DES MOINES, Iowa – With a cheering crowd, energetic music, and banners claiming a “red wave” was coming in 2022, Gov. Kim Reynolds announced that she was running for a second term.
“I am so blessed to be the governor of this great state. Every single day, I am in awe of your spirit, of your kindness and generosity. And I was reminded of that this weekend when tragedy hit again as the tornadoes ripped through central Iowa. The outpouring and compassion and hope, even in the face of tragedy, was moving,” she said.
Reynolds recounted the Iowans who pitched in and lent a hand to others in need in Winterset after she toured damage left by an EF4 tornado on Saturday that left six dead and five injured.
The campaign set up buckets to collect donations for victims of the multiple tornadoes that ripped through central Iowa.
“When I was elected governor, I could not have imagined what what what lies ahead of us. Floods, a pandemic, a derecho, tornadoes, droughts, civil unrest, you name it, we faced it, it hasn’t been easy, but let me just say, Iowans came through,” Reynolds said. “I knew you would. And that’s why I put my faith in you. And that’s why I’m so lucky to be your governor.”
Reynolds contrasted Iowa with blue states and cities, rehashing her response to President Joe Biden’s State of the Union address.
“Over the last few years, when you turned on the television, and you watch the nightly news, you’d see one America where cities were defunding the police and crime was rampant. Businesses were locked down, and kids were out of the classroom. You would see a nation in chaos,” she said.
“But in Iowa, when you stepped outside of your home, you experienced something completely different. Businesses were open, kids were in school, law enforcement proudly and effectively enforce the rule of law,” Reynolds added.
“In all of that chaos and all of that madness. We didn’t lose ourselves. We didn’t lose our character. Instead, when Democrats across the country pushed for more government control. Iowans stood up, and we stood out,” she said.
Reynolds pointed out that Iowa was one of the first states to get kids back to school and did not participate in the cancel culture.
“Despite what you hear from President Biden and liberal elites, the threats facing this nation aren’t from Canadian truckers, Joe Rogan’s podcast, or parents who care about their child’s education,” she stated.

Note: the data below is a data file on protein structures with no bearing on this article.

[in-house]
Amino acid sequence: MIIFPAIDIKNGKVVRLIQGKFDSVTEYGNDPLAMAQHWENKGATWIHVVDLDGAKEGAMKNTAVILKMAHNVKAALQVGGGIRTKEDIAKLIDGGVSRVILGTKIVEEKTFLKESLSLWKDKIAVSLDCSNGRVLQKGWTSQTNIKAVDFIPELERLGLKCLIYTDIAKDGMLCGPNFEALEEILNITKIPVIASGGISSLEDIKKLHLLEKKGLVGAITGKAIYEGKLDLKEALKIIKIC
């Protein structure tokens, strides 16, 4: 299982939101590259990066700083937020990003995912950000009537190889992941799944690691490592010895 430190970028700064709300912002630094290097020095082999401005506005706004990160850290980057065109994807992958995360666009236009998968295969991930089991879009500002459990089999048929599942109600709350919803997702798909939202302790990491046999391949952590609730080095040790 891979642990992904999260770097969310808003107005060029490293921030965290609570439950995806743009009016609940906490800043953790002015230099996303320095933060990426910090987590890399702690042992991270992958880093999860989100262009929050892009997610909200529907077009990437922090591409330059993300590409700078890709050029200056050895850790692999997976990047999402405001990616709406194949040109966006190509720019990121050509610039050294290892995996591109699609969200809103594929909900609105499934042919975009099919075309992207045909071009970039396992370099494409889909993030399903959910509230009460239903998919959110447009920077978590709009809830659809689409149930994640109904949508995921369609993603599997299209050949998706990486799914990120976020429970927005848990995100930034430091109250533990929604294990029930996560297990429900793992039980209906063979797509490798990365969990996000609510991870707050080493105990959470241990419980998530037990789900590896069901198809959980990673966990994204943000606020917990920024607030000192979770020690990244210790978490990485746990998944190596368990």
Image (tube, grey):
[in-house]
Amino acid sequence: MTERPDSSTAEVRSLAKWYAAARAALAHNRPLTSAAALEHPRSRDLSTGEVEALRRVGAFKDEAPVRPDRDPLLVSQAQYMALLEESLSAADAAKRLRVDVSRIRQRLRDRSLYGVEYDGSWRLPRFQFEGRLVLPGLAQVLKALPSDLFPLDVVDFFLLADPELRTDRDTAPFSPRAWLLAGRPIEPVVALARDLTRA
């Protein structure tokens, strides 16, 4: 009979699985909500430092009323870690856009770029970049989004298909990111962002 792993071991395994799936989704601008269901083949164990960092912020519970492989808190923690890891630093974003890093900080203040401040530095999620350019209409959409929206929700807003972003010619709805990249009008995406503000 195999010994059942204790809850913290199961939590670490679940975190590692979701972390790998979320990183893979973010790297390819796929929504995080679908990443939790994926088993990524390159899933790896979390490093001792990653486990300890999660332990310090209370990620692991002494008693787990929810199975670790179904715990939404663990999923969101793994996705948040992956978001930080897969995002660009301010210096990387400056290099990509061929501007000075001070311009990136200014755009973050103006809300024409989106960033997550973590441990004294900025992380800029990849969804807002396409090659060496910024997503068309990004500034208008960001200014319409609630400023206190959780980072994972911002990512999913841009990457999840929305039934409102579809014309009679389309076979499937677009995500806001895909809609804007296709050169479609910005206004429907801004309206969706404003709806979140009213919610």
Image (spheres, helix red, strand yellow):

“The threats come from politicians who tell parents they should sit down, be silent, and let government control their kids’ future, from elected officials who restrict your freedoms with COVID mandates that they don’t even follow, from a United States president who refuses to do his job and secure our border. who refuses to stop human trafficking and who refuses to stop the staggering influx of deadly drugs that are pouring into our neighborhoods. The problems come from a government that pays people to stay home and taxes those who go to work that borrows and spends trillions, bankrupting your children and sending inflation soaring,” Reynolds argued.
She said that she never lost sight of who she was working for and would deliver on her campaign promises.
“We are protecting the unborn and standing up for our law enforcement. We’re preserving girls’ sports for girls. We’re protecting the integrity of our elections. We’re promoting energy independence and our homegrown biofuels. And, and unlike DC, we’re not overspending. We’re balancing our budget and were cutting taxes,” Reynolds said, reminding those in attendance about the tax reform bill she signed creating a 3.9 percent flat tax.
She said that this election is about more than partisan politics. It’s about freedom.
“It is not about liberal versus conservative. It is not about Republican versus Democrat. It’s about who’s going to fight to keep Iowa and America free. It’s about who’s going to put their trust in you. President Biden won’t, blue state governors across the country didn’t. But I did. Your Republican legislators did. And we will continue to do so,” Reynolds stated.
Reynolds became governor in 2017 when former Gov. Terry Branstad, who was present for her announcement, resigned to become U.S. Ambassador to China. She was elected along with her Lt. Governor running mate, Adam Gregg, in 2018.
She enters the race with a large fundraising advantage. Reynolds raised $3.7 million in 2021 and has almost $4.8 million in the bank. Her likely Democratic challenger, Deidre DeJear, has raised just over $279,000 and reported only $8,547.28 in cash on hand. Reynolds leads DeJear in the latest Iowa Poll by seven points.
Reynolds will kick off her campaign with a two week swing with stops in Bettendorf, Dubuque, and Cedar Rapids this week.
Update 9:30 am: On Thursday morning, she official filed with the Iowa Secretary of State’s office. Submitting over 16,000 nomination petition signature and surpassing the 100 signature threshold required to qualify in all 99 counties and far exceeded the minimum requirement to get on the ballot. State law only requires 3500 signatures and 100 signatures in at least 19 counties.
“This morning, I officially filed to run for re-election as the governor of Iowa,” Reynolds said. “This strong grassroots response reflects our message resonating in all 99 counties. I am excited to get back on the campaign trail and beyond grateful for the support Iowans have shown me across the state.”